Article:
The effects of intensive aquaculture on nutrient residence time and transport in a coastal embayment

  • Bing Wang
  • Ling Cao
  • Fiorenza Micheli
  • Rosamond L. Naylor
  • Oliver B. Fringer
Original Article
  • 6 Downloads

Abstract

Aquaculture in many countries around the world has become the biggest source of seafood for human consumption. While it alleviates the pressure on wild capture fisheries, the long-term impacts of large-scale, intensive aquaculture on natural coastal systems need to be better understood. In particular, aquaculture may alter habitat and exceed the carrying capacity of coastal marine ecosystems. In this paper, we develop a high-resolution numerical model for Sanggou Bay, one of the largest kelp and shellfish aquaculture sites in Northern China, to investigate the effects of aquaculture on nutrient transport and residence time in the bay. Drag from aquaculture is parameterized for surface infrastructure, kelp canopies, and bivalve cages. A model for dissolved inorganic nitrogen (DIN) includes transport, vertical turbulent mixing, sediment and bivalve sources, and a sink due to kelp uptake. Test cases show that, due to drag from the dense aquaculture and thus a reduction of horizontal transport, kelp production is limited because DIN from the Yellow Sea is consumed before reaching the interior of the kelp farms. Aquaculture drag also causes an increase in the nutrient residence time from an average of 5 to 10 days in the middle of Sanggou Bay, and from 25 to 40 days in the shallow inner bay. Low exchange rates and a lack of DIN uptake by kelp make these regions more susceptible to phytoplankton blooms due to high nutrient retention. The risk is further increased when DIN concentrations rise due to river inflows.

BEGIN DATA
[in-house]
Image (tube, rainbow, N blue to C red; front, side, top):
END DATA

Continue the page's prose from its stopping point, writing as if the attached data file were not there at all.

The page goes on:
Keywords

Aquaculture Mariculture Coastal embayment Sanggou Bay Kelp farming Drag Hydrodynamics Numerical modeling Nutrients Transport 

Notes

Acknowledgements

We thank S. Dong, X. Chen and Q. Gao from Ocean University of China for assistance in the field visit and data collection. This research is funded by the Stanford Woods Institute for the Environment at Stanford University.

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Copyright information

© Springer Science+Business Media B.V., part of Springer Nature 2018

Authors and Affiliations

  1. 1.The Bob and Norma Street Environmental Fluid Mechanics LaboratoryStanford UniversityStanfordUSA
  2. 2.Center on Food Security and the EnvironmentStanford UniversityStanfordUSA
  3. 3.Hopkins Marine Station and Center for Ocean SolutionsStanford UniversityPacific GroveUSA

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